},
    {
      "role": "user",
      "content": "Larry Ellison"
    }
  ],
  temperature=0,
  max_tokens=64,
  top_p=1
)

answer = response.choices[0].message['content'].strip()
print(f"RĂ©ponse: {answer}\n")

For instance I got those two different answers with this prompt :

Larry Ellison co-founded Oracle Corporation, a software company, starting with a small investment. Self-made score: 9/10

Larry Ellison co-founded Oracle Corporation, a software company, starting with a small investment. Self-made score: 8/10

Does anyone have an idea ?

Thanks a lot for your help !

1 Like

Hi there - that’s a fully normal behaviour. Models are non-deterministic. Even with the temperature set at 0, you are unlikely to get the exact same answer.

In your case, if you are looking for a score, a common strategy that you can apply to deal with this is to run the same query multiple times and then either take the average of scores or the top 2 highest/lowest.

2 Likes

The best parameters you can hope for:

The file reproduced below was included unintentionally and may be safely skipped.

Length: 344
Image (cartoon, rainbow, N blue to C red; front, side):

temperature=1e-19,
  top_p=1e-9,
  seed=1234,

Just asking the AI and getting logprobs of a single-digit answer, here it is more certain:

  "logprobs": {
    "content": [
      {
        "token": "8",
        "logprob": -0.52091527,
        "bytes": [
          56
        ],
        "top_logprobs": [
          {
            "token": "8",
            "logprob": -0.52091527,
            "bytes": [
              56
            ]
          },
          {
            "token": "9",
            "logprob": -0.98327184,
            "bytes": [
              57
            ]
          },
          {
            "token": "7",
            "logprob": -3.6280663,
            "bytes": [
              55
            ]
          },
          {
            "token": "10",
            "logprob": -5.4347277,
            "bytes": [
              49,
              48
            ]
          },
          {
            "token": "6",
            "logprob": -6.9738894,
            "bytes": [
              54
            ]